Q. I went into a Carphone Warehouse shop and requested a Vodafone micro SIM to use with my iPad, at a cost of £3 per month. I had to provide my personal details and apply for an account with Vodafone. I was then told I had been refused. When I asked what I should do, the shop gave me a web address to contact – creditexpert.co.uk – for a 30-day, free trial period. I saw my report, which shows that I have a good record. It also shows that Vodafone has seen it. It does not explain why I have been refused credit. What can I do? ID, London.
A. Micro SIMs are new format SIM cards that are smaller than the chips we have become used to in our mobile phones. They are compatible with iPads and iPhones. You were understandably offended when your application for one, involving a very small credit account, was rejected by Vodafone. You were also unclear about why this should have happened. We shared your surprise when we looked at you credit record – which was perfect, in the sense that you are on the electoral register, you have a long history of living at your address and there has never been any query about either your earnings – which are more than sufficient to support a very large credit account – or your payment history.
Having satisfied ourselves that your credit record is excellent, we challenged Vodafone regarding the reason for its rejection of your application – and the explanation is that there was a misunderstanding. Vodafone explains: "The application was received as a request for a laptop and was failed on [the] score – our credit requirements for laptops are understandably higher than they are for SIM-only applications."
If you reapply, either direct to Vodafone or via Carphone Warehouse, your application for a SIM-only account will be approved. The criteria for an application that includes the supply of a laptop is based, in part, on a person's history of managing credit accounts. You do not have a recent history of credit accounts and so your application was rejected. Vodafone apologises for the inconvenience.
Q. I cancelled my internet and phone account with Virgin Media in September. Shortly afterwards I received a call from Virgin Media offering me a free month. I said yes because I thought this was a chance to evaluate the service. What Virgin Media did not tell me was that it was cancelling my service cancellation.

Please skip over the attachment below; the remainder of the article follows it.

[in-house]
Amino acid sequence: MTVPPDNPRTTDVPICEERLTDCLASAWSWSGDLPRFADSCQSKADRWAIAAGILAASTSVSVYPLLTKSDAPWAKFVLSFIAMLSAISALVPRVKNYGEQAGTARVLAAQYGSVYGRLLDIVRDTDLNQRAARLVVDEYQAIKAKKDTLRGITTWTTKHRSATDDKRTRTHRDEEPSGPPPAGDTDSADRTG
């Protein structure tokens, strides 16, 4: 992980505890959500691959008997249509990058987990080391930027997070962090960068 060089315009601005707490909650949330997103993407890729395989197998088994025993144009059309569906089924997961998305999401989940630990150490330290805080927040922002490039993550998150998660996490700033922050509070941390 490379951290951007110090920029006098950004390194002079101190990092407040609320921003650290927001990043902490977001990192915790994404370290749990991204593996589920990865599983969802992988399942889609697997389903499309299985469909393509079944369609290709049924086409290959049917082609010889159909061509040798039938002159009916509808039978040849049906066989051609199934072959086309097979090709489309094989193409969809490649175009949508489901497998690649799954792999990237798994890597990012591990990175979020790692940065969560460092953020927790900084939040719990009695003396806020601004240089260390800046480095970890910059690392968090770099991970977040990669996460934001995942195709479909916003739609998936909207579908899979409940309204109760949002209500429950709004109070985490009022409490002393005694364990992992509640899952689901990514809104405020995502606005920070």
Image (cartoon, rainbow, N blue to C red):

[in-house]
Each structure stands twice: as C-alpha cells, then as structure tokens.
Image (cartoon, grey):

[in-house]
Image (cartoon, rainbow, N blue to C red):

I assumed Virgin Media would switch-off the account at the end of that month. Now I am still receiving bills, because I have to serve a new cancellation period and have also been charged a £10 late-payment penalty because I discontinued my direct debit as I thought the account had been cancelled. WS, Edinburgh.
A. Virgin Media points out it took you two months to inform the company that the service had not been disconnected as requested. However, it has agreed as a gesture of goodwill to refund your monthly standing charges for the period from 26 October to 9 January, when the new cancellation period expired: a total of £67.93.
Q. My friend paid £200 as a deposit for a new kitchen for his daughter after seeing an advertisement in a newspaper. He had the company, Kitchens 4 Less in Doncaster, call round to take the measurements. He has a receipt and been promised a refund, but no money has been repaid. JS, Belfast.
A. The phone number you supplied us with rings as unobtainable. There is not a company of that name listed in directory enquiries. There is no current listing in Doncaster's online business directories. There is no website that we could find operating in the name of the company, nor of any other business listed at the address you supplied. In short, we can find no evidence that the company is still trading.
Whether your friend can recover his money may depend on how he paid his deposit. Did he use a credit card or a Visa debit card? If so, the card issuer will accept joint liability for the failure of the trader to perform the contracted supply. There is also the chance that if the supplier was a self-employed person and not a limited liability company, your friend might be able to take action through the Small Claims Court.
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